today I’m here to announce the infinitely infinite delay on Infidemia.
Due to some issues in development, I will likely come back to this in an alternate timeline.
For now, here’s what development looks like:
[Planning Process] –> Complete. Story, characters, all bosses, main gameplay mechanics, done. Every revision is mostly consistent, with some features being redone upon each development cycle.
[Combat System] –> what…? I have redone the combat system at least once for each development cycle. The only things that have stayed the same are the usage of some dialogue-based actions, and combo-based ultimate attacks.
[Map Design] –> Upon my most recent revision of the game, I’ve started redoing map design for overworld areas (outdoors mostly). I designed a full dungeon for use as a tutorial within the story, but now it’s an optional area you can go to at any time, with the story content removed. Most maps have stayed consistent, and so far the game takes place within one city that was not meant to be as large as it is, but, considering how much story goes on there… …maps will likely remain boring and repetitive. I was hoping to go for a more diverse set of landscapes across multiple environments, though I was planning to do that for another game and Infidemia was sort of like that game to begin with, so, map design is a bit tricky here. Dungeons and puzzles take the most time to make.
[Story] –> A combination of pretty much everything… the game itself… is the story.
[Dialogue] –> Dialogue is revised even during writing “finalized” dialogue. The game also has to account for alternate dialogue (sometimes I like to use my alternate revisions for alternate dialogue) based on some specific things (or not so specific… I wanted to keep this a development secret, though players will likely discover this anyway, so…). Rewriting dialogue and writing dialogue in the first place takes probably the most time to do, because I also have to work on the next thing, eventing.
[Eventing] –> Making events that move the player, transition between rooms, characters with icons over their heads as reactions, dialogue, adding character portraits next to dialogue boxes, showing different versions of dialogue boxes… …it’s actually really fast because I’m using an engine that I’m used to developing in and requires minimal programming on my part, though it just takes time, because of the next thing, bugfixing.
[Bugfixing & Playtests] –> This game is probably the glitchiest I have ever played. I played a 3D platformer game and liked how the glitches could be used as mechanics (then, when I actually played the game, I complained about everything being broken… …and sometimes used the glitches to cheat, though sometimes accidental cheating is possible, and… yeah, an option to turn all the glitches in the game on or off would have been fun, but, that’s not how it works.) Unfortunately, Infidemia’s mechanics of characters staring into walls, jumping on tables, sliding (moving across the screen while looking frozen), battles with broken dialogue or with various other game-breaking things that literally make the game unplayable (sometimes failing to load a resource), which can all freeze the game. By playtesting, I’ve been able to fix many bugs, add new quality changes, and test things out on paper before I playtest the game to make sure eventing works right, and, although it takes more time, the game is slightly… slightly getting there. To being less buggy (sort of). I’ve kept records of every glitch and bug in the game, mostly as video captures, and intend to create a compilation later.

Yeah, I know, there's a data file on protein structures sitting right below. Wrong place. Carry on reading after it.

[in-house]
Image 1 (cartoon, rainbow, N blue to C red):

[Battle Eventing] –> Sort of like dialogue + eventing + combat system. Every battle requires some eventing from me, though boss fights require a lot more (only the tutorial boss is fully evented) and the game’s battle eventing is why battles are currently unplayable. Sometimes story is done through battle eventing, though this is mostly just to use the dialogue-based mechanics that you can use during battle.
[Development Cycle] –> Everything noted above is part of one development cycle. Infidemia’s development cycle goes from a loop of this (to whatever part of the story. One version of the game is at the beginning with a few minutes of gameplay, another is all the way until the next chapter, and one is halfway through a chapter, while another is stuck at a boss fight… actually, that’s the one until the next chapter…) until I decide to restart development (keeping the resources I used/made before, often restarting all dialogue and eventing though, except for map design travel events that swap the player’s location). The game has gone through multiple development cycles so far and none of them are past the prototype stage. I will be pausing development until my mindset improves enough to actually go with something I have started and not restart it for each time I notice something went wrong.
I have a demo version of the game that is [sort of] ready, and will probably release it within the next 10 years.
Thank you for your interest and support,
Oh, yeah, forgot to mention…
Infidemia’s still being developed right now.
I just don’t know when I’ll be done.
I hope to get the main battle theme redone soon also.
I worked on doing custom instruments for the main battle theme for a month, though was unhappy with it every time, so, might redo everything for music as well, at least, everything for main battle music.
Please note that I am inexperienced when it comes to making games and even if/when I finish Infidemia, it will likely be a very low quality game with badly scripted dialogue, a boring combat system, and the worst story ever made. I am expecting to make a terrible game because of reasons and because I know I’m overambitious. The game might be two hours long, but, after only having less than two minutes completed across one year of development, I will likely return to the project in an alternate timeline.
Thanks for reading this, though.